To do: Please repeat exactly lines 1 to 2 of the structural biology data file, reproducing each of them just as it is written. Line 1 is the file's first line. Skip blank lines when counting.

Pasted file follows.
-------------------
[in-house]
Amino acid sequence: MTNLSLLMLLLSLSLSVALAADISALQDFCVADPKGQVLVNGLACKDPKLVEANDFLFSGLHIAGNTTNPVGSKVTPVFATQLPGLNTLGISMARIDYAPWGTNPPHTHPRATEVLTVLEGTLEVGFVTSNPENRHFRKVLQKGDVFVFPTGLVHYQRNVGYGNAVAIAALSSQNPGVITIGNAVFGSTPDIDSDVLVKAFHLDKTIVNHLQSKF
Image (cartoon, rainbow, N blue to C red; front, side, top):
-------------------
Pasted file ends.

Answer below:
[in-house]
Amino acid sequence: MTNLSLLMLLLSLSLSVALAADISALQDFCVADPKGQVLVNGLACKDPKLVEANDFLFSGLHIAGNTTNPVGSKVTPVFATQLPGLNTLGISMARIDYAPWGTNPPHTHPRATEVLTVLEGTLEVGFVTSNPENRHFRKVLQKGDVFVFPTGLVHYQRNVGYGNAVAIAALSSQNPGVITIGNAVFGSTPDIDSDVLVKAFHLDKTIVNHLQSKF